With In Secret, director Charlie Stratton has fashioned a serviceable, straightforward rendering of Emile Zola's novel Therese -- a tale of sex, murder, and guilt -- that's most fascinating for its attempts to add classic noir tropes and lighting schemes to a standard period drama; it's an indication of what Ismail Merchant and James Ivory might have done with a James M. Cain book.
Elizabeth Olsen stars as the title character, a Frenchwoman who, as a child, was forced to move in with her aunt (Jessica Lange) and her sickly cousin Camille (played as an adult by Tom Felton). When she reaches an appropriate age, the aunt manipulates the cousins into marrying; the trio then relocate from the French countryside to Paris, and Therese feels that what little chance she has for a life of her own is being taken away from her.
Enter Camille's friend Laurent (Oscar Isaac), a rakish bohemian artist whose passion and boldness intrigue the repressed Therese. Soon, the pair are involved in a torrid love affair that they can barely keep hidden from Camille and his mother. The thought of being together all the time eventually consumes them, leading to an act that will give them their dream -- as long as nobody finds out.
If nothing else, In Secret is a handsomely mounted film. The costumes are impeccable, and the lighting smartly contrasts the bright pastoral countryside with the gritty, gloomy interiors of 19th century Paris. At the same time, the actors are uniformly solid. Olsen makes Therese a less catatonic version of her character from Martha Marcy May Marlene; she's haunted by what she has seen and done, and Olsen has a knack for playing women who are so wrapped up in their internal conflicts that they aren't quite fully engaged with the people around them. That helps keep up the tension in the third act, as the illicit couple's dirty deeds always seem on the verge of coming to light.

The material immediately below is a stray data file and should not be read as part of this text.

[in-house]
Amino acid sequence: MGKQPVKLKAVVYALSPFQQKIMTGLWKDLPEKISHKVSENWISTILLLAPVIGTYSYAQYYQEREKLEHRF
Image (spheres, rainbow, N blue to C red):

What prevents In Secret from blossoming is that its attempt to blend a tragic costume drama and a horror-tinged film noir never quite coalesces -- the two very different styles fail to cohere, even though you can appreciate what Stratton was trying to accomplish. Further hampering the movie is the fact that the story, while certainly solidly constructed, isn't nearly complicated or involved enough to hook modern audiences. It is, in comparison to pulpy noir classics, tame -- and tame is no good when you need an element of perversity. Give Stratton and his cast points for effort, but sadly, In Secret lacks the passion to haunt us as much as the main character remains haunted by her own fears and desires.
(This review is based on a screening of the film at the 2013 Toronto International Film Festival where it played under the name Therese. )